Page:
THE CONFESSIONS

THE CONFESSIONS
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第264章 [1762](13)

From Strasbourgh, Sauttersheim went to seek his fortune in Paris,and found there nothing but misery.He wrote to me, acknowledginghis error.My compassion was excited by the recollection of our formerfriendship, and I sent him a sum of money.The year following, as Ipassed through Paris, I saw him much in the same situation; but he wasthe intimate friend of M.de Laliaud, and I could not learn by whatmeans he had formed this acquaintance, or whether it was recent orof long standing.Two years afterwards Sauttersheim returned toStrasbourgh, whence he wrote to me and where he died.This, in a fewwords, is the history of our connection, and what I know of hisadventures; but while I mourn the fate of the unhappy young man, Istill, and ever shall, believe he was the son of people ofdistinction, and that the impropriety of his conduct was the effect ofthe situations to which he was reduced.

Such were the connections and acquaintance I acquired at Motiers.

How many of these would have been necessary to compensate the cruellosses I suffered at the same time!

The first of these was that of M.de Luxembourg, who, after havingbeen long tormented by the physicians, at length became theirvictim, by being treated for the gout, which they would notacknowledge him to have, as for a disorder they thought they couldcure.

According to what La Roche, the confidential servant of Madam deLuxembourg, wrote to me relative to what had happened, it is by thiscruel and memorable example that the miseries of greatness are to bedeplored.

The loss of this good nobleman afflicted me the more, as he wasthe only real friend I had in France, and the mildness of hischaracter was such as to make me quite forget his rank, and attachmyself to him as my equal.Our connection was not broken off onaccount of my having quitted the kingdom; he continued to write tome as usual.

I nevertheless thought I perceived that absence, or my misfortune,had cooled his affection for me.It is difficult to a courtier topreserve the same attachment to a person whom he knows to be indisgrace with courts.I moreover suspected the great ascendancyMadam de Luxembourg had over his mind had been unfavorable to me,and that she had taken advantage of our separation to injure me in hisesteem.For her part, notwithstanding a few affected marks ofregard, which daily became less frequent, she less concealed thechange in her friendship.She wrote to me four or five times intoSwitzerland, after which she never wrote to me again, and nothingbut my prejudice, confidence, and blindness could have prevented mydiscovering in her something more than a coolness towards me.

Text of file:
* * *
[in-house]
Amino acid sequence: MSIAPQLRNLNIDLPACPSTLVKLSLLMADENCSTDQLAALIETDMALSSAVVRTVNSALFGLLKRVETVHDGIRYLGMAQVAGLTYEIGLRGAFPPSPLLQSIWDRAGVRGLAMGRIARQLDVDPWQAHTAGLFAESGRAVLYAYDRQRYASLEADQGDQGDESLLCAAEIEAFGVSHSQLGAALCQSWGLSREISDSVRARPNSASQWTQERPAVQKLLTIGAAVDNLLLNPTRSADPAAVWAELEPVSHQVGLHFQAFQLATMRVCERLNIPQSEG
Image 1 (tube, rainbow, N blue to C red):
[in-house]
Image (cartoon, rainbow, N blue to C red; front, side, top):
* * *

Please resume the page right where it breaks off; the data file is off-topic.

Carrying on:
Guy the bookseller, partner with Duchesne, who, after I had leftMontmorency, frequently went to the hotel de Luxembourg, wrote to methat my name was in the will of the marechal.There was nothing inthis either incredible or extraordinary, on which account I had nodoubt of the truth of the information.I deliberated within myselfwhether or not I should receive the legacy.Everything wellconsidered, I determined to accept it, whatever it might be, and to dothat honor to the memory of an honest man, who, in a rank in whichfriendship is seldom found, had had a real one for me.I had notthis duty to fulfill.I heard no more of the legacy, whether it weretrue or false; and in truth I should have felt some pain inoffending against one of the great maxims of my system of morality, inprofiting by anything at the death of a person whom I had once helddear.During the last illness of our friend Mussard, Leneipsproposed to me to take advantage of the grateful sense he expressedfor our cares, to insinuate to him dispositions in our favor."Ah!

my dear Leneips," said I, "let us not pollute by interested ideasthe sad but sacred duties we discharge towards our dying friend.Ihope my name will never be found in the testament of any person, atleast not in that of a friend." It was about this time that my lordmarshal spoke to me of his, of what he intended to do in it for me,and that I made him the answer of which I have spoken in the firstpart of my memoirs.

My second loss, still more afflicting and irreparable, was that ofthe best of women and mothers, who, already weighed down with years,and overburthened with infirmities and misery, quitted this vale oftears for the abode of the blessed, where the amiable remembrance ofthe good we have done here below is the eternal reward of ourbenevolence.Go, gentle and beneficient shade, to those of Fenelon,Bernex, Catinat, and others, who in a more humble state have, likethem, opened their hearts to true charity; go and taste of the fruitof your own benevolence, and prepare for your son the place he hopesto fill by your side.Happy in your misfortunes that Heaven, inputting to them a period, has spared you the cruel spectacle of his!

Fearing, lest I should fill her heart with sorrow by the recital of myfirst disasters, I had not written to her since my arrival inSwitzerland; but I wrote to M.de Conzie, to inquire after hersituation, and it was from him I learned she had ceased to alleviatethe sufferings of the afflicted and that her own were at an end.Imyself shall not suffer long; but if I thought I should not see heragain in the life to come, my feeble imagination would less delight inthe idea of the perfect happiness which I there hope to enjoy.

Jean-Jacques Rousseau

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